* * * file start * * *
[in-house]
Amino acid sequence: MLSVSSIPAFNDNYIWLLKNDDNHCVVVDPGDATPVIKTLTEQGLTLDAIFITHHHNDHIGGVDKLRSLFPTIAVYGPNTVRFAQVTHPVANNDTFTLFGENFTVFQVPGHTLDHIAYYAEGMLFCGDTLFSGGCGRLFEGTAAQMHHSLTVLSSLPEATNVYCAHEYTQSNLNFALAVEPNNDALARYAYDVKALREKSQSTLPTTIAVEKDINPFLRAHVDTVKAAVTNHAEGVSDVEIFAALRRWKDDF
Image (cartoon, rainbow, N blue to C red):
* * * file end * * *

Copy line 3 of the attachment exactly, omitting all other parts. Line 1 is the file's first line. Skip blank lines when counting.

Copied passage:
Image (cartoon, rainbow, N blue to C red):